Delay and blocking

This statement means that, unless something happens to prevent it, there is now a fixed, imminent date for publication.

This should prevent the report being delayed indefinitely by the home office sitting on it during this (supposed) review.

If the objective of the home office was to provide room for delay (or even prevent) the publication of the report, then that objective looks like it has been defeated.

There is a little wriggle-room for potential further delay – but not as much as if there was no date set at all.

Redactions

The statement also deals with the issue of any home office redactions.

Any redactions that the home office insist upon will be identifiable – and so, it would seem, contestable in court.

Each redaction would be an action by the home secretary that could – at law – be looked at by the high court for its reasonableness and relevance.

Any redaction would thereby not necessarily be the end of the matter – but just the prelude for litigation.

The redactions cannot just be silently made, with no one to know.

Again this is a set-back if the objective of the home office was to have room to make such silent redactions.

Forewarnings and leaks

If, however, the home office had as its objective that it would be forewarned of the content of the report, this objective has been achieved.

This means that if – and it is only an ‘if’ – there is anything politically significant in the report then the home office will not have a shock and so will not be bounced.

It also means there is the possibility of leaks from the home office – perhaps to the media – in the days before 15 June 2021.

This is notwithstanding the controlled conditions for the review of the report – which will remind those with longer memories of Robin Cook and the Scott report.

Making sense of the Home Office intervention

As this blog has already averred, there appears to be no good reason for the late home office intervention.

The purported reasons do not add up – and they appear to be improvised and cynical.

As I set out in detail here, the choice of ‘national security’ and ‘the human rights act’ as grounds appear to have been for providing the maximum litigation cover for any home office delay, and not because of any genuine concerns.

I am not a conspiracy theorist by inclination – conspiracies do, of course exist, but usually to hide cock-ups, as only then will a number of people have the motivation and focus to act in concert.

As such I do not think there is any conspiracy between the home secretary and others to try and block or delay or gut the report.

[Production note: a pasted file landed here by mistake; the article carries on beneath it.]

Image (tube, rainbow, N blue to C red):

The home secretary may well be (as a lawyer would say) on a frolic of her own in all this, without contact with anyone else with an interest.

It may well be that the home secretary simply did not like the idea of something being published by an independent panel beyond her control or involvement.

But whatever the true motive for the home office’s late bullying intervention, the statement today means that it is more likely than not that we will see the report published in two weeks, and possibly with few if any redactions.

The panel and its lawyers should be commended for facing off this illiberal and misconceived intervention.

*****

Hello there.  Thank you for reading – now help keep this blog available for you and others.

If you value this free-to-read and independent legal and policy commentary for you and others please do support through the Paypal box above, or become a Patreon subscriber.

Each post takes time, effort, and opportunity cost.

Suggested donation of any amount as a one-off, or of £5 upwards on a monthly profile.

This law and policy blog provides a daily post for you and others commenting on and contextualising topical law and policy matters.

*****

You can also subscribe for each post to be sent by email at the subscription box above (on an internet browser) or on a pulldown list (on mobile).

*****

Comments Policy

This blog enjoys a high standard of comments, many of which are better and more interesting than the posts.

The Daniel Morgan panel report will be the nearest we ever get to Leveson Part II

23rd May 2021

We have a lopsided view of the bad things that were happening in respect of the media around the turn of this century.

The focus has been on the press – journalistic ethics, newsroom culture and the breaches of the civil and criminal law.

But those did not happen in a vacuum.

What elements of the press did was part of a wider problem, which involved the metropolitan police and the private investigation industry.

Of course, the press took advantage of these relations and was the source of a lot of the money involved.

But there were wrongs being committed on the supply-side of the trade in personal information.

Had the Leveson inquiry continued with its phase two – that was to look at the dealings of the press with the police and so on – then we would now have a more rounded picture of what went on.

But the Leveson inquiry will now never continue to phase two.

And so the nearest we will get to a documented understanding of this supply-side will be the independent panel report on the Daniel Morgan case – a case which goes to the heart of the problematic relationship between the press, the police and the private investigation industry.

It may well turn out to be the best record we will ever get of what then happened – and how so many got away with so many things which they should not have done so.